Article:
Assemblywoman Walker: In the Face of Rising Inequality, We Must Recommit to War on Poverty

On Jan. 8, 1964, President Lyndon B. Johnson declared a War on Poverty during his first State of the Union address, highlighting a national crisis and human rights issue that affected millions of Americans. A host of transformative programs – Medicare, Medicaid and the Food Stamp Program, to name a few – sprung from this bold declaration. But despite the success of these programs, the cycle of poverty and rampant inequality continues to hold back countless families across the nation.

“Here in New York, nearly 3 million people live in poverty, including over 900,000 children. This is simply unacceptable. This is a human tragedy. Now more than ever, we must increase opportunity and empower individuals and communities to lift themselves up and ensure that no one is left behind. That’s why the Assembly Majority has continued its bold Families First Agenda, which includes increasing funding for our schools, access to affordable health care and housing and ensuring a living wage for all New Yorkers. We’re also working to overhaul our state’s cash bail system because locking people up based on their inability to pay undermines the very principles of our criminal justice system.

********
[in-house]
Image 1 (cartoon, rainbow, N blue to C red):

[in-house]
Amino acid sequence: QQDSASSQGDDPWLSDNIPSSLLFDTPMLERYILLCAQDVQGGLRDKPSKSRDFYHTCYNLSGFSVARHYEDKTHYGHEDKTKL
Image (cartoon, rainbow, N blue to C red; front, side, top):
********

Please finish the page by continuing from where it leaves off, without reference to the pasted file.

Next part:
“Our progressive policies, like those championed by President Johnson 55 years ago, are grounded in the idea that we cannot simply treat the symptoms of poverty – we must do everything we can to prevent it. I’ll keep working each and every day to ensure all New Yorkers have the opportunities they need to thrive and live secure and dignified lives.”